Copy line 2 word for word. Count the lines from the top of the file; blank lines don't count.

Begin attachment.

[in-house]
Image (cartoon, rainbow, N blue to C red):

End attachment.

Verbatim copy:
Image (cartoon, rainbow, N blue to C red):